We left the car in her parents’ yard and bought a 1950 Buick to continue on to Denver. That car wore out a set of tires between Montrose and Denver due to a bent frame. I finally got smart and traded for a 1947 Cadillac that we kept for quite awhile. The V-12 limo stayed parked in Montrose for a year.


            After discharge from the Army, we finally got it to Denver after some repairs. Apparently, after being stored for so many years, they had put a new battery in the car, poured gas in the carburetor and started it. Several rings were broken and bearings were bad.


            The car sat idle at our home in Denver for quite awhile and was finally traded in—with our ’47 Cad on another car. It left behind a tow truck. The new owner was a car dealer that was going to restore it for its historical value with all the documented history we provided.


            I forgot about the car for several years. Even Phyllis forgot about it because I soon learned never to talk about it. One day, quite by accident, while visiting my sister in Lakewood, I saw the car in her neighbor’s back yard. When talking to him, I found he had purchased it from the dealer I had sold it to and the dealer had been jailed for car theft. I was into restoring LaSalles by this time and even thought about buying it back. He wanted $3,500 and I laughed at him. Again, that car was only a memory.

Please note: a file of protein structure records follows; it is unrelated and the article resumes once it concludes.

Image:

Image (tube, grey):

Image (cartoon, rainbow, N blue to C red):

A few years later, a local collector, Arthur Rippey, sponsored and hosted an auction at his shop in south Denver. The auction was well-advertised and he had five 1940 LaSalles to be auctioned, so I had to attend.


            To my surprise, there was the armor-plated limo in nearly identical condition to when I was given $500 in trade for it years earlier. It still had the burned area from our fire in California. They had cataloged all of the history of the car and even obtained additional documentation from Cadillac and authorities in California.


            I was shocked when the car sold at auction for nearly $45,000. I never knew who bought it and have never seen or heard about it since. Phyllis is happier that way.


            I often wish we had never sold our beautiful original LaSalle in Japan and brought it back with us. We lost all the big profit from selling it (and more). Did I ever tell you about our first beautiful 1940 LaSalle? I would tell you all about it, but, that’s another story for another time.


            See ya next month.


— Walt